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Choosing an art course

Want to study art after you leave school, but unsure about which course is right for you? Read our guide to put yourself in the picture.

‘Art and design’ is often taught as one subject at school, but things become a little bit more complicated if you want to study it after you’re 16, so it’s important to think about what types of art you enjoy and the kind of job you want to do. Although there can be quite a lot of crossover between the two, most art courses will focus on either ‘art’ (sometimes called ‘fine art’) or ‘art and design’.

What’s the difference?

  • Fine art teaches skills for students who want to produce their own works of art, whether that’s paintings, ceramics, photography, digital or many other things.
  • Art and design is more for people who want to use their artistic skills for things like graphic design, creating branding materials for companies, for example.

Whichever of these two routes you choose, most courses involve both producing practical work and studying theory. However, if you’re more interested in the academic study of art rather than making it yourself, you can also do history of art or art theory as a separate subject. This would be useful for people who want to work in an art gallery or museum.

What courses are available?

You can study for art or art and design qualifications at a number of different levels including:

Make sure you research what exactly the course covers before you make your choice. In some cases, you might study a general ‘art’ or ‘art and design’ course where you will learn a variety of different art skills and practices for the first part of the course, and then specialise later. Other courses will focus on one area.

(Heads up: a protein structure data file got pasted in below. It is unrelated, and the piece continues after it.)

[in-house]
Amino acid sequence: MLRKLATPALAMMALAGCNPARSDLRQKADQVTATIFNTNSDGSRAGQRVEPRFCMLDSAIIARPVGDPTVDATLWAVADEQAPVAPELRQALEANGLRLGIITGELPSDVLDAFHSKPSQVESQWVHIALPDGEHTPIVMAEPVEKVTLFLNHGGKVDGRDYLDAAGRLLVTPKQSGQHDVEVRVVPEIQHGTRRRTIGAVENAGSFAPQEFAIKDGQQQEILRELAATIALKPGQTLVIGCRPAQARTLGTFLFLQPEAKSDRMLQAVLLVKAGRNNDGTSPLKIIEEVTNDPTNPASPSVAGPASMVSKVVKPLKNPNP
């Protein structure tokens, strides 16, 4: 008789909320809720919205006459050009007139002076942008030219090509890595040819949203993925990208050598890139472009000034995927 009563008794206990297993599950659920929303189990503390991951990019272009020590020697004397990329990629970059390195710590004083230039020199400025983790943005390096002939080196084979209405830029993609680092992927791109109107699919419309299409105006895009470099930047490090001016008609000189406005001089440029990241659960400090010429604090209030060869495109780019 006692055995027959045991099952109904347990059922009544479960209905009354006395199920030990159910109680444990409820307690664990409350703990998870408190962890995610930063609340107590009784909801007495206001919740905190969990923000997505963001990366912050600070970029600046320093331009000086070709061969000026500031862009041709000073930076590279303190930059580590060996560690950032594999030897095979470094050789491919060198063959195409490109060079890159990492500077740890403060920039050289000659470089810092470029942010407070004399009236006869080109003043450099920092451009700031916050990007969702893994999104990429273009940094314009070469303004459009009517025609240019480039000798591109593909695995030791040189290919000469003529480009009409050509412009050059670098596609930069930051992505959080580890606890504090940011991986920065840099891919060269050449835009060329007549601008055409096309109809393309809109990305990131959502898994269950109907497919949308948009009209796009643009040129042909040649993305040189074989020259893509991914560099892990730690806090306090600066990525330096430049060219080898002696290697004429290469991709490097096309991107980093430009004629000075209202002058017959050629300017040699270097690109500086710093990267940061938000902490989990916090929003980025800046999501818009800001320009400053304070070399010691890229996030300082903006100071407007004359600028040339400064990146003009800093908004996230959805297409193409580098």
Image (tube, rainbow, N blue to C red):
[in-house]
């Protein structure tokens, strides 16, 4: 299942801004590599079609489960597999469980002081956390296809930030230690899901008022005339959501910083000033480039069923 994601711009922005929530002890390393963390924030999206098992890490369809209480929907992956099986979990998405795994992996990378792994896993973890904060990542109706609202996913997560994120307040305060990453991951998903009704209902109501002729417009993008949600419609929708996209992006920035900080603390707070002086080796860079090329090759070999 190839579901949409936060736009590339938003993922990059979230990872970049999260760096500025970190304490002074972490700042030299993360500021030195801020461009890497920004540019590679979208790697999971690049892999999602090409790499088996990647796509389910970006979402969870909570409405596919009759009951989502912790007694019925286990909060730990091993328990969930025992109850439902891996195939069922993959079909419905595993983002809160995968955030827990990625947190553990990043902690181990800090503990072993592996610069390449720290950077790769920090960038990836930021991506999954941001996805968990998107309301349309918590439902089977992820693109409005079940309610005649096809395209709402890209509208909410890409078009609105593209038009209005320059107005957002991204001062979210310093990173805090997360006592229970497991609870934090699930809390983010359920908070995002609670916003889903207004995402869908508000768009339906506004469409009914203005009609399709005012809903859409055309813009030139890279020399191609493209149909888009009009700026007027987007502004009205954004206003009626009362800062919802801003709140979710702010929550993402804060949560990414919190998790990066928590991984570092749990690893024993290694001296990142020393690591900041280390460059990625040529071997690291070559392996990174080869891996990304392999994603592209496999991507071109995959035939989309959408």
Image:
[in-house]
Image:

Many further education colleges offer different types of art qualification. If you want to continue studying art into higher education, some universities offer fine art, art and design or history of art as undergraduate degree courses, which can be studied either as a separate subject or as a joint honours degree with something like English literature or psychology.

There are also a number of dedicated arts schools and colleges in the UK. These tend to have a wider range of specialist arts degrees – such as BA Pottery or BA Fine Art Painting – than other colleges and universities. Many dedicated art schools also offer foundation diplomas and other further education qualifications.

How do I get on an art course?

The entry requirements will depend on the level of qualification you’re going for. However, to study an undergraduate art degree at an art school or university, you will normally be expected to have a relevant further education qualification and at least 3 A to C grades (including English and art) at GCSE or equivalent. You will also need a portfolio of work you’ve already produced which will be assessed before you can be accepted on the course.

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